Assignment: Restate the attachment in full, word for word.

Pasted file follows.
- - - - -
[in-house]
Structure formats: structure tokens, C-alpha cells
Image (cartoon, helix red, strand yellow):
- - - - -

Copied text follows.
[in-house]
Structure formats: structure tokens, C-alpha cells
Image (cartoon, helix red, strand yellow):